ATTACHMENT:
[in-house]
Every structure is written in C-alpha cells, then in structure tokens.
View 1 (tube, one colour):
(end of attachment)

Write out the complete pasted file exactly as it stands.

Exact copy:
[in-house]
Every structure is written in C-alpha cells, then in structure tokens.
View 1 (tube, one colour):